Frank Wilson over at Books Inq. put this under the heading “More Complaining,” but I’m not so sure that’s the whole story.  I’ve made the same lament, and it’s not simply a curmudgeon criticizing the kids of today – I’ve noticed my own inability to concentrate without an every-five-minute squirt of dopamine from Twitter or Facebook … and yet, and yet, how else would I have met Arthur Sebastian Rosman, had not someone suggested our introduction on Facebook? (Actually, he had translated one of the essays in An Invisible Rope: Portraits of Czesław Miłosz, but he was just a name at the bottom of the page, back then.) I keep up with family, friends, and colleagues on Facebook, just as I rely on various news aggregators for news, and blogs for off-the-beaten track news.  Moreover, I’ve downloaded Henry IV, Part 2 onto my new Droid.

Yet I find it harder and harder to memorize a short poem.  Heavens, I find it harder and harder to read a short poem.  I find it harder and harder to get into that slow, reflective space where I can think long thoughts.  Keller writes:

As we became accustomed to relying on the printed page, the work of remembering gradually fell into disuse. The capacity to remember prodigiously still exists (as Foer proved by training himself to become a national memory champion), but for most of us it stays parked in the garage.Sometimes the bargain is worthwhile; I would certainly not give up the pleasures of my library for the ability to recite Middlemarch. But [Joshua Foer’s  Moonwalking With Einstein] reminds us that the cognitive advance of our species is not inexorable.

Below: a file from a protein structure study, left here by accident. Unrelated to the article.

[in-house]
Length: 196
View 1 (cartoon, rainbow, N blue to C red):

My father, who was trained in engineering at M.I.T. in the slide-rule era, often lamented the way the pocket calculator, for all its convenience, diminished my generation’s math skills. Many of us have discovered that navigating by G.P.S. has undermined our mastery of city streets and perhaps even impaired our innate sense of direction. Typing pretty much killed penmanship. Twitter and YouTube are nibbling away at our attention spans. And what little memory we had not already surrendered to Gutenberg we have relinquished to Google. Why remember what you can look up in seconds?

Robert Bjork, who studies memory and learning at U.C.L.A., has noticed that even very smart students, conversant in the Excel spreadsheet, don’t pick up patterns in data that would be evident if they had not let the program do so much of the work.

He concludes:

Basically, we are outsourcing our brains to the cloud. The upside is that this frees a lot of gray matter for important pursuits like FarmVille and “Real Housewives.” But my inner worrywart wonders whether the new technologies overtaking us may be eroding characteristics that are essentially human: our ability to reflect, our pursuit of meaning, genuine empathy, a sense of community connected by something deeper than snark or political affinity.

The most obvious drawback of social media is that they are aggressive distractions. Unlike the virtual fireplace or that nesting pair of red-tailed hawks we have been live-streaming on, Twitter is not just an ambient presence. It demands attention and response. It is the enemy of contemplation. Every time my TweetDeck shoots a new tweet to my desktop, I experience a little dopamine spritz that takes me away from . . . from . . . wait, what was I saying?

The irony, the irony … I found the column because of an online news aggregator, and I read it on an Apple screen.  Now I am blogging about it.

OK, Frank. Call me grumpy.

(I’ll be in a literal cloud in 12 hours, back to the U.S.A.,  after spending a lot of zlotys and a lot of time getting 20 pounds of books from my travels into the Polish mail today.)

Postscript on June 3:  By now everyone knows that Bill Keller has stepped down as executive editor.  Apparently, NYT staffers had to intervene in his hate-hate relationship with Arianna Huffington and the new social media.  Could that be part of the reason why?